Securing property tax relief for Nebraskans is a major priority for the Nebraska Farm Bureau and right now we have a REAL OPPORTUNITY to work with the Legislature to help deliver it. That’s why the Nebraska Farm Bureau Board of Directors have taken a position to support LB 289, the tax and education funding reform bill that advanced from the Legislature’s Revenue Committee. The bill is slated for first round legislative debate, Tuesday, May 7.
More than $2 million has been collected for the Nebraska Farm Bureau Disaster Relief Fund, with 100 percent of funds raised going to farmers, ranchers and rural communities in need of assistance. The kindness and generosity of people across Nebraska and the United States is humbling and the dollars are being put to great use in getting Nebraskans back on their feet.
Nebraska farmers and ranchers will have greater assurances that investments made to grow and expand their farm and ranch operations are not subject to the whims of frivolous nuisance lawsuits due to the Legislature’s passage of LB 227, May 2. LB 227 is one of Nebraska Farm Bureau’s priority bills for the 2019 legislative session.
Nebraska Farm Bureau applauded U.S. Senator Ben Sasse’s this week for the reintroduction of the Transporting Livestock Across America Safely Act to address overly strict regulations that are hurting farmers, ranchers and livestock haulers. In a statement Farm Bureau President Steven Nelson pointed to the importance of a common-sense solution to give Nebraskans the flexibility they need to keep livestock safe and to keep agriculture moving forward.
Farmers and ranchers dealing with livestock losses from the “Bomb Cyclone” and raging flood waters this spring can still seek assistance through the Natural Resources Conservation Service’s Environmental Quality Incentives Program (EQIP) - for financial assistance to properly dispose of dead livestock. Applications are being accepted now through July 1. This is an extension of the original sign up periods announced immediately following the flooding/blizzard.
With spring work and planting underway farmers and ranchers shouldn’t forget to move farm safety to the forefront. Every year, thousands of farmers and ranchers are injured and hundreds more die in farming accidents. You matter to us! That’s why Nebraska Farm Bureau reminds you to take precautions to make your operation as safe as possible.
Nebraska farm and ranch families were already operating in a difficult economic environment before flooding and blizzards ravaged many parts of our state. The uncertainty producers face in crop and livestock operations can seem overwhelming. Nebraska Extension Educators Glennis McClure and Brandy VanDeWalle provided strategies for dealing with the stress of operating in today’s difficult climate with their “Wellness in Tough Times” webinar which aired earlier this week.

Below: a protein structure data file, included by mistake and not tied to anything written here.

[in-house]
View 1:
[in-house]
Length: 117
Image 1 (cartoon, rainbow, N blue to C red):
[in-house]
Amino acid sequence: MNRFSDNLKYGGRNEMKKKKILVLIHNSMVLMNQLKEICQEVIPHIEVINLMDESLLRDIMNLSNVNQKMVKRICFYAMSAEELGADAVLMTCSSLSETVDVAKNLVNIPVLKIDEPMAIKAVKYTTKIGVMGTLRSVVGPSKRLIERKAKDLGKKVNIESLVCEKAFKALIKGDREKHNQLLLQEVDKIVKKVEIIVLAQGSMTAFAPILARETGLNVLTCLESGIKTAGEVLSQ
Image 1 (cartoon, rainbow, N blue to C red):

The Legislature’s Revenue, Education, and Retirement Committee hosted a hearing Wednesday on an amendment to LB 289, a property tax relief bill under consideration by the Legislature’s Revenue Committee. In neutral testimony, Nebraska Farm Bureau and other members of the Agriculture Leaders Working Group urged the Committee to continue to provide property tax relief through the state’s property tax credit fund and look for other ways to fund the Committee’s plan to deliver more than $600 million in property tax relief.
State lawmakers gave second round approval to LB 227 this week. The bill was introduced by Sen. Dan Hughes of Venango, at the request of Nebraska Farm Bureau and other agriculture groups to boost protections for farms and ranches against nuisance suits. The amended version of the bill senators will consider for final passage will continue agriculture’s “first in time” protections that prevent an individual or entity from moving next to an agriculture operation and filing a nuisance suit based on the operation’s normal farming practices. The amended version further establishes a statute of limitation whereby a change in farming practices could only be considered a nuisance if the individual or entity files a nuisance lawsuit within a two-year window of claiming a nuisance situation exists. Passage of LB 227 in one of Nebraska Farm Bureau’s top priorities for the 2019 legislative session.
Nebraska Farm Bureau is urging USDA Secretary Sonny Perdue to alleviate some of the bureaucratic red tape farm and ranch families are being asked to deal with in order to qualify for disaster assistance programs of importance farmers and ranchers impacted by the flooding and blizzards that hammered the state this winter and into early spring. In an April 25 letter Nebraska Farm Bureau President Steve Nelson asked Secretary Perdue to review provisions of both the Emergency Conservation Program (ECP) and Emergency Assistance for Livestock, Honeybees, and Farm-Raised Fish Program (ELAP).